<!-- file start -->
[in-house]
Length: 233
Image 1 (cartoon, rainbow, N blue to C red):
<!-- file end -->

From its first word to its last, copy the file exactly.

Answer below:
[in-house]
Length: 233
Image 1 (cartoon, rainbow, N blue to C red):